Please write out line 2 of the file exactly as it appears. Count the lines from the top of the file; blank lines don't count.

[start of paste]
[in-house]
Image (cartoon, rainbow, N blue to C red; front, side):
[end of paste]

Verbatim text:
Image (cartoon, rainbow, N blue to C red; front, side):